Hands On with Marvel vs. Capcom 3
Marvel vs. Capcom 2 fans — you should be right at home with Marvel vs. Capcom 3. And your less fighting game-literate friend won’t hate playing with you as much, either.
I got a chance to spend an hour playing Marvel vs. Capcom 3: Fate of Two Worlds last week, as well as to speak with Capcom’s Seth Killian and Rey Jimenez. They were really excited to talk about their game — as the makers of games usually are — but they stressed that you don’t have to be a fighting game master (like they are) to have a good time with MvC3.
A lot like the simplification options that have gone into Super Street Fighter IV: 3D Edition for the Nintendo 3DS, MvC3 packs a lot of features that will make it so you don’t have to memorize the game manual to do cool things. A Simple mode setting at the outset of every match gives players access to one-button specials and combos, which won’t necessarily make you a better player, but does make the game a whole lot more entertaining.
Despite the graphical facelift, MvC3 plays almost exactly like the MvC2 update on Xbox Live, but with a lot of tweaks and improvements to make it a more satisfying and user-friendly experience. All the special moves are based around the “hadouken” button combination — rolling the analog stick from down to forward and hitting a punch button. The combinations can be slightly different depending on the character, but they’re always reliably just like that.
Most of the changes to the game after a decade are either aesthetic, peripheral, or aimed at getting new players in and making MvC3 easy for newbs to pick up and play, without winding up so frustrated they throw a controller at the TV. We’ve talked about Simple mode, which will make it a whole lot easier to bring friends over to play the game.
The aesthetic changes are a lot in the way of having cool things to look at or listen to. The story mode is a big addition to MvC3 (as the last game more or less had nothing in the way of a plot), and each character has a specific ending that brings in a lot of other characters from both the Marvel and Capcom universes, including some that didn’t make it into the game.
There’s a ton to look at, actually. Being a spectator in the room for MvC3 is about as visually interesting as actually playing it, given the highly active backgrounds and the somewhat insane amount of callouts and references to both the games’ major universes. The whole game features a lot more from Marvel and feels a lot more influenced by the comic book half of the equation.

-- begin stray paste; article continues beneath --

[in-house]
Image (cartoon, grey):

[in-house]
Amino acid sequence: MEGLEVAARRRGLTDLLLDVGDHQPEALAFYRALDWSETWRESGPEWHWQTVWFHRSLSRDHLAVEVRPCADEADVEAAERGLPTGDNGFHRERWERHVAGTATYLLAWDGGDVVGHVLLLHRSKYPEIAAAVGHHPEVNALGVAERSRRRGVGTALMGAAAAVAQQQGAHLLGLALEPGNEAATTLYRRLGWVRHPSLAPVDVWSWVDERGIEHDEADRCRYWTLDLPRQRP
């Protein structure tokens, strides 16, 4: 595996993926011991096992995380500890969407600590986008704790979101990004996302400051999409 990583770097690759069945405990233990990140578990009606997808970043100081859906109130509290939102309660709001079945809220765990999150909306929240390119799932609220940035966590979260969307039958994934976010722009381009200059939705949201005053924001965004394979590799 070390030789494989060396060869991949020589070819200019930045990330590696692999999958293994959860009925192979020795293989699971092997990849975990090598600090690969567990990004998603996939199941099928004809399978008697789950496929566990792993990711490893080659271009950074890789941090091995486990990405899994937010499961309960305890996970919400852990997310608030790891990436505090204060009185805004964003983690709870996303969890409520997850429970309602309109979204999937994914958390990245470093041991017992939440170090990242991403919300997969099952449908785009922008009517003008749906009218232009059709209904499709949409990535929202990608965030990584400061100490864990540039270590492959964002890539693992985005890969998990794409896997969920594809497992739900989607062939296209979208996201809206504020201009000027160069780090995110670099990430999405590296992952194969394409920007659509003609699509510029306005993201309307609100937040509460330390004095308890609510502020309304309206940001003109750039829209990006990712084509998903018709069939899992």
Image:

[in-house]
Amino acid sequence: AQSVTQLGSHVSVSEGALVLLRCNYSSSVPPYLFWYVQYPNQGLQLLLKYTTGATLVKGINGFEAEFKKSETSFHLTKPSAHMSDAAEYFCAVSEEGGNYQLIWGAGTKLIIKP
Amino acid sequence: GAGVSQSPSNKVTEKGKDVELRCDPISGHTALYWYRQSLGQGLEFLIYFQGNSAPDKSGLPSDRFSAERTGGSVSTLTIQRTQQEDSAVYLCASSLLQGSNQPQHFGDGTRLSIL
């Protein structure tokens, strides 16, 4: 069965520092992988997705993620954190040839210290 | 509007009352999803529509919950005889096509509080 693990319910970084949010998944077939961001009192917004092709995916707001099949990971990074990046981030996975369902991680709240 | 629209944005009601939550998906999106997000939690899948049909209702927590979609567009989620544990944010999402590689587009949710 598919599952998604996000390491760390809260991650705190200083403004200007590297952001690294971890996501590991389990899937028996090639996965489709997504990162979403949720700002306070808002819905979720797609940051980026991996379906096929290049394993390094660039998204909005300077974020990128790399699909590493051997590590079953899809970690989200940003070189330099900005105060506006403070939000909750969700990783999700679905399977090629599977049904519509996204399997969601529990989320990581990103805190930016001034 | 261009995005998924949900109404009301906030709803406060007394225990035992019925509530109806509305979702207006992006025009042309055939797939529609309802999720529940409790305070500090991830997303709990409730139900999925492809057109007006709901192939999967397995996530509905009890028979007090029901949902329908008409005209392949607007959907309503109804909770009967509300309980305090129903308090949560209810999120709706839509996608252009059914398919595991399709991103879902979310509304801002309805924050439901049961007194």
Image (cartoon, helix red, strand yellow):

The Capcom team has also dedicated a ton more time to stat-tracking in MvC3, with a whole section that keeps your information fresh and piles it all on to a Gamercard-like entry. In addition to logging your wins and losses, character preferences and similar information, the game pays attention to the way you play — from whether you stay back or get in close to how many of each kind of blow you throw. If you’re looking analyze your game, MvC3 will have a whole lot of tools to help you out.
Everything is meant to go a little easier in this new iteration of the fighter. You can save a couple of three-character teams to your profile to quickly access them, cutting down on your time spent in the selection screen when you’re online. There are a lot of these little customizations that can streamline the experience, and all of them lend themselves to a faster-moving game.
But in essence, like I said above, MvC3 feels just like MvC2. That’s a good thing: it seems Capcom has gone out of its way to avoid fixing anything that wasn’t broken. They’ve spent a lot of time listening to fans as far as game features are concerned, and that showed through with my time with the game. And playing it, despite being generally terrible at fight games, I still had a good time. Switching was fluid, combos weren’t obtrusive, and I could usually pull off a cool move or two. I beat another novice journalist (one who wasn’t much of a gamer, I think), but even with both of us stupidly hammering our controllers, the fight was dramatic and fun to watch.
Jimenez walloped me pretty badly, but I was able to at least put up a fight with my childhood hadouken muscle-memory. That’s the part about MvC3 that has me most excited — it’s designed to be the kind of fighting game that doesn’t require 15 years of genre experience to be fun. Although, it definitely seems like hardcore players are getting what they want, too.
GameFront is your one-stop Marvel vs. Capcom 3 shop! First and foremost, we’ve got pages for all the unlockable characters. Looking for additional Marvel vs. Capcom 3 information? Check out our lists of trophies and achievements, along with our cheats page, a collection of all sorts of useful material.